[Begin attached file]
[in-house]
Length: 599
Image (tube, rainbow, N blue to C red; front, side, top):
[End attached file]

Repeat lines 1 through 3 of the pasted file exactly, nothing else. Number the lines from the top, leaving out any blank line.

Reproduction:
[in-house]
Length: 599
Image (tube, rainbow, N blue to C red; front, side, top):